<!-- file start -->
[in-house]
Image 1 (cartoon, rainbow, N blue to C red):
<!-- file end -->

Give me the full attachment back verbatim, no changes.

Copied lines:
[in-house]
Image 1 (cartoon, rainbow, N blue to C red):